Savings Game

Preferred stock: Does it belong in your investment portfolio?

Updated: 2013-03-21T22:35:06Z


Tribune Media Services

Readers continue to ask how they can invest without a great deal of risk and still obtain reasonable income.

I have often pointed out that investors who need income cannot expect high income from investing in Treasury bills, money-market instruments and short-term savings accounts. Such investments preserve capital but do not keep up with inflation. Alternatives that provide more income include real-estate investment trusts (REITs), Treasury inflation-protected securities (TIPS), intermediate-term bonds, master limited partnerships (MLPs) and high dividend common stocks. These provide more income than the most conservative investments, but they are certainly are not risk-free.

Another alternative is preferred stocks. These are more like bonds than a common stock. They are hybrid securities with characteristics of both bonds and equities. Preferred stocks pay a fixed interest generally at a higher rate than bonds issued by the same company. The current yield of preferred stocks is about 6 percent. Corporations issuing preferred stock cannot pay dividends on their common stock without paying the interest due on the preferred stock.

Preferred stock prices generally fluctuate based on their dividend yield, credit rating and maturity date (where applicable). Increased interest rates generally will depress the value of preferred stock, since investors could purchase new issues of preferred stock and bonds at higher interest rates. If a corporation’s financial condition or prospects deteriorate, the value of its outstanding securities will fall.

Corporations that issue preferred stock are those that require substantial capital. Most issuers are financial institutions, utilities and communications companies. Not all of these companies have stellar credit ratings. There is not a large supply of high-quality preferred. For that reason, in order to minimize risks, investors should consider ETFs rather than individual purchases.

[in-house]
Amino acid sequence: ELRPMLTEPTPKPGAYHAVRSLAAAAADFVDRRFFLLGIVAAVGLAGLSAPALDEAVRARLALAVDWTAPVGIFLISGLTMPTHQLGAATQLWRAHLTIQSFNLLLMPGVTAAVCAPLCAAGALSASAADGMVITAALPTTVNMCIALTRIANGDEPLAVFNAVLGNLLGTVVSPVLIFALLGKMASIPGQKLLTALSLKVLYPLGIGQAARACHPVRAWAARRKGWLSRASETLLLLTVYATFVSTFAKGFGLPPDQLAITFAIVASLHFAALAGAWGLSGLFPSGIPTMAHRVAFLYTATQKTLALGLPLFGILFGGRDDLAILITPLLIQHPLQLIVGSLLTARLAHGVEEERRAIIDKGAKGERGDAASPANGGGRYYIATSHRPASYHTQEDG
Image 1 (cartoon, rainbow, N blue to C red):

An advantage of preferred stocks is that they have a low correlation to other fixed-price securities such as TIPS, REITs and MLPs. A major disadvantage, according to Josh Peters, equity strategist of Morningstar, is the risk of recall. Most issues may be recalled within five years. If interest rates go down, the issuer will likely recall the stock.

Another disadvantage is there is no guarantee you will receive the price you paid for the stock. With individual bond purchases, at maturity, you will receive the face value of the bond back. Corporate bonds have maturity dates; most preferred stocks do not.

Another disadvantage is the lack of an active market. When you do decide to sell, there may be a large gap between the bid and ask price for an individual security. That is another reason to buy preferred stocks in an ETF.

The price of preferred stock will generally not increase because the income of the corporation increased. That will benefit common stock holders. You do not purchase preferred stock in order to obtain capital growth.

Abby Woodham, an analyst at Morningstar, recommends ETF iShares S&P U.S. Preferred Stock Index (PFF), indicating it has the lowest expense ratio of the ETFs at 0.48 percent. Over the last five years, the fund returned an average of 5.5 percent. The return for the last year was 18.2 percent. The current yield is approximately 6 percent.

If you hold your account outside of a retirement account, you should consider the tax implications. For example, some preferred stock dividends are qualified, which means that they are taxed at no more than 20 percent. If the dividends are not qualified, the marginal tax rate can be as high as 39.6 percent. Woodham points out that the PowerShares Financial Preferred (PGF) ETF produces 100 percent qualified income. Its expense ratio is 0.66 percent, higher than iShares EFT; however, if you hold the shares in an non-retirement account, the PowerShares ETF may provide a higher return.

Too many investors still invest too much in money-market instruments and savings accounts. You have to accept some risk to get high income. I do not recommend that a significant portion of your fixed income portfolio should be in preferred stocks. However, if a significant part of your portfolio is currently earning less than 1 percent, consider adding a preferred stock ETF to your fixed-income portfolio. You should earn close to 6 percent without a great deal of risk.

Elliot Raphaelson welcomes your questions and comments at

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